- The utility committee of New Orleans City Council yesterday voted 4-1 to advance a gas-fired peaking plant that Entergy says is necessary to avoid cascading blackouts in the city, particularly in the event of storms.
- Opponents have wielded an array of arguments to oppose the plant, including proposing the use of solar and demand-side management. In particular, they contend the $210 million plant is more expensive than making improvements to the transmission and distribution system.
- The 128 MW reciprocating engine plant endorsed by the committee is smaller than Entergy's initial proposal for a combined cycle 226 MW project. The utility prefers to build the larger plant, but says the smaller facility can still help keep power running in the event of a storm. According to the Times-Picayune, a full city council vote could come as early as March 8.
The utility committee's vote signals where New Orleans City Council plans to go with a final approval: the council has seven members and only four votes are needed to win a majority. Of those seven, five members made up the committee that moved the proposal to a full vote.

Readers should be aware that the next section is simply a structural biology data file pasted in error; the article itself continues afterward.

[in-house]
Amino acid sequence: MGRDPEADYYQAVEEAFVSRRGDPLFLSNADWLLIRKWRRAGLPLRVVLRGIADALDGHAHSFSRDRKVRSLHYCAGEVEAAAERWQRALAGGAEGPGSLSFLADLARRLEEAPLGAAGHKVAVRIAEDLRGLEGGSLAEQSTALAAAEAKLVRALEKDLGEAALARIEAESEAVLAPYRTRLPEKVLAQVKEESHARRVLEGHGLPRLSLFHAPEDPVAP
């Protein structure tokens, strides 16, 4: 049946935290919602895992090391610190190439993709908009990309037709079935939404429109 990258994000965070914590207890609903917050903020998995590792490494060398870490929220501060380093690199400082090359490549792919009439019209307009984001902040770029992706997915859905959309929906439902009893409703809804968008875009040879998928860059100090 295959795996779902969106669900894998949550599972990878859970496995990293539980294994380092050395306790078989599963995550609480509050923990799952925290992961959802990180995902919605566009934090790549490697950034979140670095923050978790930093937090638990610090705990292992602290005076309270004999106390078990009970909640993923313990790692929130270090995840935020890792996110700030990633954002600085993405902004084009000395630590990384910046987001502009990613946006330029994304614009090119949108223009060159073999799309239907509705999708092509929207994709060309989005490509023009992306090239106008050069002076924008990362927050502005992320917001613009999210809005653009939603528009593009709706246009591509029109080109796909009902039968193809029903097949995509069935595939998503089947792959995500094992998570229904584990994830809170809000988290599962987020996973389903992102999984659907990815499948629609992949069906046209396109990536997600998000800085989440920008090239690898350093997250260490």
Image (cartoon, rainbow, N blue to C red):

The Times-Picayune reports City Councilwoman Susan Guidry was the only one on the committee against Entergy's proposal, and expressed concerns that more renewables were not being proposed.
"To add a polluting plant instead of just charging forward with all speed on renewables and demand-side management, I just can't go there," she said.
Enetrgy contends that it is still investing in emissions-free energy, but a gas-fired plant within the city limits would help restore power in the event of a storm. The same for transmission investments, which would be threatened in the event of a hurricane.
Entergy is working to develop 100 MW of renewable resources, evidenced last year when they selected three proposals that were submitted to a request for proposals and total 45 MW.The new generation would replace older units that were deactivated in 2016 due to rising maintenance costs.